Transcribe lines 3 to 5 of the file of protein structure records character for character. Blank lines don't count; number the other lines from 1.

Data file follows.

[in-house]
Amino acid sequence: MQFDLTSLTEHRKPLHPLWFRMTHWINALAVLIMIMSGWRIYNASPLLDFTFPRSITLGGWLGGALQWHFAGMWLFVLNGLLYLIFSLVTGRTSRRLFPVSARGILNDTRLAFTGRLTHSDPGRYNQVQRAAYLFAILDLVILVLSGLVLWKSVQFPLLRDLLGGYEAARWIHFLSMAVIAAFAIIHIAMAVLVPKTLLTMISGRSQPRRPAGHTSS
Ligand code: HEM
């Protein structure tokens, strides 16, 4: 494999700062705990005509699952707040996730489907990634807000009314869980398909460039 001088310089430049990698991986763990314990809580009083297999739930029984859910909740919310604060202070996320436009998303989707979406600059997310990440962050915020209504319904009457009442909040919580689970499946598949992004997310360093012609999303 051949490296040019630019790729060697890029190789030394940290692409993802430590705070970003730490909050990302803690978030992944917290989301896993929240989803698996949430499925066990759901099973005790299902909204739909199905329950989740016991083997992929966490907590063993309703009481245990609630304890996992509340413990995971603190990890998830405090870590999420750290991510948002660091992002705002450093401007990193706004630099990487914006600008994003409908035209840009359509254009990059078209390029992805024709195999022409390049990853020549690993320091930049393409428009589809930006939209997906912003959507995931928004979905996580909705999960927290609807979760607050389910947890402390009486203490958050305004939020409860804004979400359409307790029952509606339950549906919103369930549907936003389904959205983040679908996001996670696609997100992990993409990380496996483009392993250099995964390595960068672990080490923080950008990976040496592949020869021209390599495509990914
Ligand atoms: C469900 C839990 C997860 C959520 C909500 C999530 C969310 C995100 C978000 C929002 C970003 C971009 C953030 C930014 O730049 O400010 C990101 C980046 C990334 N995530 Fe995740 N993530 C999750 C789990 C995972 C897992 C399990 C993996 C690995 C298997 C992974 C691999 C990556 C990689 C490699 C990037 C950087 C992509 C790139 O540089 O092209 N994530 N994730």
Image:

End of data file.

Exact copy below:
Ligand code: HEM
């Protein structure tokens, strides 16, 4: 494999700062705990005509699952707040996730489907990634807000009314869980398909460039 001088310089430049990698991986763990314990809580009083297999739930029984859910909740919310604060202070996320436009998303989707979406600059997310990440962050915020209504319904009457009442909040919580689970499946598949992004997310360093012609999303 051949490296040019630019790729060697890029190789030394940290692409993802430590705070970003730490909050990302803690978030992944917290989301896993929240989803698996949430499925066990759901099973005790299902909204739909199905329950989740016991083997992929966490907590063993309703009481245990609630304890996992509340413990995971603190990890998830405090870590999420750290991510948002660091992002705002450093401007990193706004630099990487914006600008994003409908035209840009359509254009990059078209390029992805024709195999022409390049990853020549690993320091930049393409428009589809930006939209997906912003959507995931928004979905996580909705999960927290609807979760607050389910947890402390009486203490958050305004939020409860804004979400359409307790029952509606339950549906919103369930549907936003389904959205983040679908996001996670696609997100992990993409990380496996483009392993250099995964390595960068672990080490923080950008990976040496592949020869021209390599495509990914
Ligand atoms: C469900 C839990 C997860 C959520 C909500 C999530 C969310 C995100 C978000 C929002 C970003 C971009 C953030 C930014 O730049 O400010 C990101 C980046 C990334 N995530 Fe995740 N993530 C999750 C789990 C995972 C897992 C399990 C993996 C690995 C298997 C992974 C691999 C990556 C990689 C490699 C990037 C950087 C992509 C790139 O540089 O092209 N994530 N994730």